Harder than OTK HH Axle

Does anyone know any axle thats harder than otk’s HH axle that fits to a otk? Thanks

What specific problem are you trying to fix? If you need something harder than the hardest axle they make, odds are something else in the setup isn’t quite where it needs to be, like seat position or something fundamental like that.

We are experiencing high levels of grip here at our track do to high temperatures and plenty of karts passing by, we ran vortex vlr100 with the sprocket being restricted (z10 with 73 sprocket) and with the new fast levanto krt tyre compound (70 code) so we are trying all the steps to remove grip and make the inside rear wheel pick up (seat foward, harder axles, shorter axles, different types of front torsion bars, caster, etc), some of our guys use a special made titanium axle to free the kart and it has been working but I was wondering if any of you know a after market axle thats harder than otks hh because not everybody can afford making one of those titanium axle.

1 Like

For what it’s worth, most rulesets specify that the axle has to be ferrous material… I saw that you move the seat forward… did it get raised at any point? If the track is truly grippy enough the tires can stick (as an adhesive, like a glue) to the rubber on the track if that makes sense. In those situations moving the seat forward will not always have the same effect. Moving it up gives you some more mechanical leverage to actually unstick the tire from he track.

CRG T5 is about the stiffest I’ve come across.

Kart Republic HH is pretty stiff too.

1 Like

One trick I used to see ICC/KZ guys do when they reached the stiffest axle but need more was to put about 10 axle collars on the axle near the center to stiffen that area up further. Would be cheaper than a titanium axle.

If you are trying to get the kart to unload more, I would recommend raising the rear ride height. Be wary of stiffer front bars. They will make the kart jack weight quicker but they will set the inside rear down too quickly for sticky tracks. If you are looking to keep the inside rear wheel up longer, you want to probably keep the flat front bar in.

The issue with adding a bunch of weight jacking into the kart under sticky conditions, while it seems like the correct route, is that you run the risk of pushing the outside tire into the track so aggressively it physically binds the tire up and the kart cannot rotate well. This is especially easy to do in an OTK kart where it is already a very front heavy kart that jacks a lot of weight.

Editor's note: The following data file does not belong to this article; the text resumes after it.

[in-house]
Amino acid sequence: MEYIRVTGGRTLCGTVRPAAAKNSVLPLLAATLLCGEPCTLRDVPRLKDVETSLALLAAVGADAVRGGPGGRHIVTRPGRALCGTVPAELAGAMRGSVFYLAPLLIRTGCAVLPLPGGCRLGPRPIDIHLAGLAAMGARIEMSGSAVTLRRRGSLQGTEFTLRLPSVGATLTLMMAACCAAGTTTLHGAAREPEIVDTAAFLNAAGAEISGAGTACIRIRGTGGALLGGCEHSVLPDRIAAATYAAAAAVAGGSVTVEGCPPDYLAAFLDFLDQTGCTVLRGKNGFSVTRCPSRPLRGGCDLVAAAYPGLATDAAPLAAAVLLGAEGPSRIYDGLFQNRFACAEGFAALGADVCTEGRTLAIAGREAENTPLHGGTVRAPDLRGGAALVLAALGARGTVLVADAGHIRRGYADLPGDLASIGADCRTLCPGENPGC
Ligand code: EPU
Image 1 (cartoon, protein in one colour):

What we are really looking for is the frame to twist for a longer duration. Something you might want to try is removing seat stays. Sometimes the chrome stays can just simply force the tire into the track too hard and stiffen up the seat too much for these conditions. Removing the chrome stays will allow for a lot more flex in the center of the kart and will keep the outside tire from being driven into the track so aggressively.


Or AMV C+ aka Super Hard

Ti will have about half the stiffness as a steel axle of the same dimensions (elastic modulus 120 GPa as opposed to 207 GPa for iron, 195-207 for steels). A beryllium, tungsten, or uranium tube is something only a defense contractor would dare to make and would have a corresponding price; those are the only metals that’ll beat steel’s elastic modulus. If you’ve got that budget message me and General Atomics ASI will quote.

I would instead recommend a steel axle with a greater wall thickness than the HH axle’s 2 mm thickness. The stiffness of a tube will go up linearly with wall thickness. Try a PKT 50mm D25 and remember to order the PKT keys. CRG also makes a 2.5 mm axle; call them for the right number.